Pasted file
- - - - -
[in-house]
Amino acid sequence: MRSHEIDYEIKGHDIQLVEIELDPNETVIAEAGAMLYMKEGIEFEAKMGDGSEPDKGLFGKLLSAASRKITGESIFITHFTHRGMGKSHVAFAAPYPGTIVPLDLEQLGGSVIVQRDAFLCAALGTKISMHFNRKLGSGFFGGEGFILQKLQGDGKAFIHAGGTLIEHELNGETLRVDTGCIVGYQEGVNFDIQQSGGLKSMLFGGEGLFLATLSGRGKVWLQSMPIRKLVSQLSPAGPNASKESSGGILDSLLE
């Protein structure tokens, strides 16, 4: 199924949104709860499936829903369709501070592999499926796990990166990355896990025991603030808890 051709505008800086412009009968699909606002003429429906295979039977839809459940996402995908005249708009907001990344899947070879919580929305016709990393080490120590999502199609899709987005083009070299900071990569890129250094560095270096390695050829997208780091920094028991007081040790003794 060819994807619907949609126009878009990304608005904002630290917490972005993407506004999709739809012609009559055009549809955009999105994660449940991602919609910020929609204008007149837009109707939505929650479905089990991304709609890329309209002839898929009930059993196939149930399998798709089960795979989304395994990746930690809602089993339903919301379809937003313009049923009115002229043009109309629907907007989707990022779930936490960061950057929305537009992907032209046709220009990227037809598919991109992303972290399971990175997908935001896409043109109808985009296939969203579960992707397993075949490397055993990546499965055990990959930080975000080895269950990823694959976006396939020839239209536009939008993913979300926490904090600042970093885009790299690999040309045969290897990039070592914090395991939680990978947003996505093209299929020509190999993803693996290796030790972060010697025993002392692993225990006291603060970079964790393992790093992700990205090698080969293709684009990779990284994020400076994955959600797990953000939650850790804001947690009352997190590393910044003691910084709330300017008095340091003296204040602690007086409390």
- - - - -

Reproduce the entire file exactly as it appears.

[in-house]
Amino acid sequence: MRSHEIDYEIKGHDIQLVEIELDPNETVIAEAGAMLYMKEGIEFEAKMGDGSEPDKGLFGKLLSAASRKITGESIFITHFTHRGMGKSHVAFAAPYPGTIVPLDLEQLGGSVIVQRDAFLCAALGTKISMHFNRKLGSGFFGGEGFILQKLQGDGKAFIHAGGTLIEHELNGETLRVDTGCIVGYQEGVNFDIQQSGGLKSMLFGGEGLFLATLSGRGKVWLQSMPIRKLVSQLSPAGPNASKESSGGILDSLLE
């Protein structure tokens, strides 16, 4: 199924949104709860499936829903369709501070592999499926796990990166990355896990025991603030808890 051709505008800086412009009968699909606002003429429906295979039977839809459940996402995908005249708009907001990344899947070879919580929305016709990393080490120590999502199609899709987005083009070299900071990569890129250094560095270096390695050829997208780091920094028991007081040790003794 060819994807619907949609126009878009990304608005904002630290917490972005993407506004999709739809012609009559055009549809955009999105994660449940991602919609910020929609204008007149837009109707939505929650479905089990991304709609890329309209002839898929009930059993196939149930399998798709089960795979989304395994990746930690809602089993339903919301379809937003313009049923009115002229043009109309629907907007989707990022779930936490960061950057929305537009992907032209046709220009990227037809598919991109992303972290399971990175997908935001896409043109109808985009296939969203579960992707397993075949490397055993990546499965055990990959930080975000080895269950990823694959976006396939020839239209536009939008993913979300926490904090600042970093885009790299690999040309045969290897990039070592914090395991939680990978947003996505093209299929020509190999993803693996290796030790972060010697025993002392692993225990006291603060970079964790393992790093992700990205090698080969293709684009990779990284994020400076994955959600797990953000939650850790804001947690009352997190590393910044003691910084709330300017008095340091003296204040602690007086409390």